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Tourist Profile: Nicaragua

Republica de Nicaragua, the land of lakes and volcanoes borders Honduras to the north and Costa Rica to the south. To the east lies the Caribbean, and to the west the Pacific Ocean. Wedge-shaped Nicaragua may be the largest country in Central America, but it is also one of the least visited. Even after more than a decade of peace, it's synonymous in the minds of many with civil war; this reputation in combination with the ramshackle dilapidated infrastructure of a country that has fought its way through a bloody conflict ánd an American economic blockade, scares many off. Still, travellers who do spend any time there find, much to their surprise, that Nicaragua is their favourite country in Central America. Maybe because it doesn't yet take full care of the tourist experience, Nicaragua is an incorrigibly vibrant and individualistic country, with plenty to offer travellers prepared to brave Nicaragua's superficial obstacles of economic chaos, cracked pavements and crammed public transport. Due to their history at times it seems that every Nicaraguan has both horrifying and uplifting personal stories to tell.

And even though Nicaragua's long-suffering people would rather forget many aspects of the war, the country's political past continues to inform every minute of its present. Nowadays tourist numbers increase have increased as part of the general growing interest in Central America. More than anything, though, the pleasures and rewards of travelling in Nicaragua come from interacting with the inhabitants of the country's complex society. Its people are well-spoken, passionate, engaged and engaging - Nicaraguans tend to be witty and exceptionally hospitable. The best thing you can do to enjoy Nicaragua is to arrive with an open mind, some patience and some experience in speaking Spanish.


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In comparison other countries in Central America Nicaragua offers few traditional tourist attractions almost no monuments or ancient temples remain, and earthquakes, revolution and war have laid waste to museums, galleries and theatres. For years the country has suffered from a chronic lack of funding, and high inflation and unemployment have also impoverished Nicaragua's infrastructure. However, visit Nicaragua and you can't remain immune to the country's extraordinary landscape of volcanoes (17 in total), lakes, mountains and vast plains of rainforest. A smattering of beaches - the majority of them on the Pacific Coast - continues to attract the budget surfing and backpacking crowd, while culture and the arts are very much alive in Nicaragua, and it is here you can buy some of the best-value high-quality crafts. Nicaragua has three main eco-regions: Pacific, Central and Atlantic. Most of Nicaragua's population lives in the hot, relatively dry and fertile Pacific lowlands, where much of the agriculture is centred.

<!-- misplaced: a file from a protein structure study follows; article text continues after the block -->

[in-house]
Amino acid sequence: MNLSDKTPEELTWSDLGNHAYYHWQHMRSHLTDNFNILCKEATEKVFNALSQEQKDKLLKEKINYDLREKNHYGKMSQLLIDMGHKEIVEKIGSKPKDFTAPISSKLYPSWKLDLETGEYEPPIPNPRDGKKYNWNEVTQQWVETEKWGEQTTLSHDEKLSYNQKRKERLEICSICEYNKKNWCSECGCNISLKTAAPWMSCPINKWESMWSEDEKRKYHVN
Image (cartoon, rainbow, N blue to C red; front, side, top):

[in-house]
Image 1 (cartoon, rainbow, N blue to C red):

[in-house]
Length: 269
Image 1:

It's full of volcanoes, lakes, tropical forests, beaches and mangrove systems This region is also the political and cultural centre of the country - nearly everything thought of as being inherently Nicaraguan, whether food, music, dress or dance - comes from this area. Virtually every traveller passes through the capital city, Managua, but there's little to detain the tourist in the capital. The centre was completely destroyed by an earthquake in December 1972 and there was further severe damage during the civil wars of 1978-1979. The Government has now decided that it will rebuild the old centre, adding parks and recreational facilities. In the old centre of Managua one can still see examples of colonial architecture in the National Palace and the Cathedral. One of the many in Managua and the most interesting of which is Las Huellas de Acahualinca which houses the site where 9000-year-old footprints were found - testimony to Nicaragua's pre-historic past. There are several volcanic crater lagoons in the environs of Managua - Laguna de Xiloa is the most popular of these lagoons. Boats can be hired on the shores of Lake Managua for visiting the still-smoking Momotombo volcano and the shore villages.

Nicaragua

You really should visit the 'intellectual' capital of Nicaragua, Léon with a university, religious colleges, the largest cathedral in Central America and several colonial churches. A number of projects are currently underway that will highlight the historical and cultural roots of the city. Or go have a look at Masaya, 26km southeast of the capital, is the arts-and-crafts centre of the country, and both Nicaraguans and foreign tourists descend upon its Mercado Nacional de Artesanía for some of the best crafts in Central America.

As the oldest city in Central Amerika Granada is located at the foot of the Mombacho volcano. Granada with its splendid lakeside setting and wonderfully atmospheric colonial architecture, has many beautiful buildings and has faithfully preserved its Castilian traditions. Granada is considered the museum-city of Nicaragua. It is the oldest town built by the Spaniards on the mainland (1524) on the banks of Lake Nicaragua or Cocibolca. . Be sure to have a look the Plaza Principal the fortress-church of San Francisco, seen in this picture with at the rebuilt in neo classical style cathedral, the Church of La Merced, the Church of Jalteva and the fortress-church of San Francisco. Other places of interest include the Park and government buildings. Many of Granada's side streets are lined with typical adobe homes with balconies and arched doorways. The picturesque Alameda, or lakeshore avenue, is another beautiful place that extends from the beach of Lake Cocibolca to the wharf of the Isletas. Las Isletas is a group of 356 small islands just offshore from Granada in Lago de Nicaragua. The locals make a living out of fishing and growing tropical fruits such as mangoes and coconuts, and there is a remarkable variety of bird life. The island of San Pablo has a small fortress built by the Spaniards to protect against British pirates in the 18th century.